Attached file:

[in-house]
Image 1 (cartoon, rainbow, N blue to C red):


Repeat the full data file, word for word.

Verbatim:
[in-house]
Image 1 (cartoon, rainbow, N blue to C red):